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Chilean
Chronicles Volume 2 - Exploring Pucon and Success on Lanin Volcano Chilean Chronicles Volume 2 - Exploring Pucon and Success on Lanin Volcano  by Matt Lemke

After thoroughly exploring Nahuel Huapi National Park (described in previous trip report), I narrowed in on the area surrounding Pucon, Chile. I made plans to take the international bus from San Martin de los Andes towards Temuco passing over the international border just north of Lanin, however the eruption of Villarrica, which sits directly above the town of Pucon decided to erupt and the crossing was closed. Since it would likely be closed for a few days I had no choice but to take buses back south and return to Osorno. This would unfortunately take a couple days so I figured I could relax awhile and bus from one town to the next. So I ended up getting a ticket to Villa la Angstura and stayed there for a night at a very nice hostel. Walking through town that afternoon I was bit by a dog (although I look back now and it was more of a nibble), nonetheless, it gave me a rabies scare so I went to the local doctor but since no one there spoke English it was hard to communicate. Finally I understood using Google Translate that there has never been a case of rabies anywhere near the area. I then walked back to the hostel and enjoyed a nice dinner (pizza again!) at a local shop that seemed to have issues with their power since the power would go out every 20 minutes or so.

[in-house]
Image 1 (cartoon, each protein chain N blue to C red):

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Higher
Squire snowshoe Higher Squire snowshoe  by StephAbegg